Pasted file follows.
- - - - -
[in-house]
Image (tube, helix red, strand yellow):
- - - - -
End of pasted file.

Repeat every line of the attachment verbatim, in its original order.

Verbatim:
[in-house]
Image (tube, helix red, strand yellow):